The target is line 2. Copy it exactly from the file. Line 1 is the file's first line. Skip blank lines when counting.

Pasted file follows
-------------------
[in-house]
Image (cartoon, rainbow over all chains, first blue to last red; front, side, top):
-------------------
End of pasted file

Image (cartoon, rainbow over all chains, first blue to last red; front, side, top):